This is one reason I enjoy hosting the Middle East Dialogues. It keeps us informed and often the news presented is “breaking news.” Tonight the news about Libya is no exception. A lot going on in the region that we don’t often read in the American press.

Gentlemen, who starts?

Rob Prince: I’ll lead off.

Tonight’s subject is the impending war in Libya in which the main players will be Egypt and Turkey, but to begin with we’d like to put it in context. For starters, some relevant memories.

In 2004, Ibrahim and I participated in a panel at George Washington High School in Denver dealing with the March 2003 U.S. led invasion of Iraq. At the time, what we were hearing, including from other members of the panel was that the main reason for the U.S. led invasion that overthrew Saddam Hussein was that a humanitarian intervention was required to save the Iraqi people from Saddam, that the Iraqi military possessed weapons of mass destruction, etc.

Our argument was that, in its essence, this was an invasion about controlling Iraq’s massive amounts of oil and natural gas.

We all know how that played out.

Fast forward to 2011, I am at another forum at the University of Denver’s Korbel School of International Studies where I taught for 23 years.

The panel includes a former high level U.S. State Department diplomat and negotiator, Christopher Hill who was Dean at the time, along with Nader Hashemi, chair of the Center of Middle East Studies there. They were arguing ardently for NATO military intervention. This discussion was just prior to the NATO led invasion, once again in the name of humanitarian intervention to save the Libyan people from Khadaffi committing war crimes against his own people.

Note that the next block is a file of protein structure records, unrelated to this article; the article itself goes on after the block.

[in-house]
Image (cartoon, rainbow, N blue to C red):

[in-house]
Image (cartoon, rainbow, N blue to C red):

In opposition, I argued that as with Iraq in 2003 with Ibrahim, the claim of “humanitarian intervention” is little more than a pretext for a war about controlling Libyan oil and gas.

There was a large audience – 100 or so, mostly international studies students. The audience is overwhelmingly sympathetic to the expert and State Dept. rep, and generally hostile to me. Most of the people in the room – and the other panelists – supported the NATO invasion.

I use these examples to make a point: between 2001 and 2012, 13, as a series of U.S. led wars in the Middle East – Afghanistan, Iraq, Syria, Libya – that (apart from Afghanistan) that these were essentially oil wars. They were wars essentially about controlling pipelines – the Syrian case, or dominating the production of oil and natural gas as was the case in Iraq and Libya.